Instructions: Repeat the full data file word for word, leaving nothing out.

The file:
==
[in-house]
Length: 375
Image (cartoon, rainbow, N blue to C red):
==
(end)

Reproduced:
[in-house]
Length: 375
Image (cartoon, rainbow, N blue to C red):